Before we can answer that we have to clarify what we mean by a lease. In the trucking industry it can mean different things. Here are some of the different type’s of leases available in the trucking industry:
True Operating Lease – you buy a truck at a dealership and you lease the truck having the option of turning the truck back in or paying off the residual and owning the truck. Benefits are the tax deduction, low or no down payment, lower payments, etc. This is how a truck driver can purchase a $175,000 Peterbilt and be able to afford the payments. The monthly payment is tax deductible and it’s “off balance sheet” for the more sophisticated owner operator.
Lease Onto A Carrier – you lease a truck from the carrier you haul for. This arrangement has helped many wannabe owner operators get into truck “ownership” pretty easily. There are potential problems, however. First your tied to that carrier so if they cut back your routes your stuck; you can’t pick up more routes from other carriers. Second it’s common that there are hidden cost that are not made known upfront. The most common of these are residual or balloon payments at the end. We get probably 20 calls a week from guys in a panic that they are at the end of their lease and there’s a $20,000 ballon payment do that they didn’t know about. Cost of repairs are another issue. This type of lease can be a good thing if you read all supporting documentation and go with a reputable carrier.
Capital Lease – really just a finance agreement a capital lease allows the purchaser to get into the truck with low or no down and with a predefined residual payment (or none at all in some cases). The IRS doesn’t consider these true operating leases so you can’t deduct the payment (100%). Nothing really wrong with them just remember if your looking for the tax benefits of a true lease your not going to get it no matter what the salesman says!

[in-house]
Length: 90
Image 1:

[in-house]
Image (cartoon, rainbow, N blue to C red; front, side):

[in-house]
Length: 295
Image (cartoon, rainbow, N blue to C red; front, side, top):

Loans on the other hand are pretty straight forward. The truck is title in your name, the lender is listed as lien holder. Once you make your payments you own the truck free and clear. Most loan programs require a down payment and you have to have good credit. Also monthly payments tend to be higher than on a lease so that can be a factor if your buying a new semi. The exception to this is if the dealer is offering a program incentivized by the manufacturer you can get really cheap financing. If you have excellent credit and time in business you will want to look out for these.
So what is better, a lease or a loan? Obviously it depends on your objectives. A lease becomes more appealing if your goals are better tax treatment, low down, and more flexible credit guidelines (usually). If owing the asset is important or you can qualify for one of the manufacturer programs mentioned above a loan might be the better option. A phone call to your accountant may be in order. It’s better than getting advice from the salesman selling you the truck.
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